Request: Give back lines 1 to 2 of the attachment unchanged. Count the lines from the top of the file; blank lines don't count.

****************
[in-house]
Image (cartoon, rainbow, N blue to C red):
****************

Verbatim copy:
[in-house]
Image (cartoon, rainbow, N blue to C red):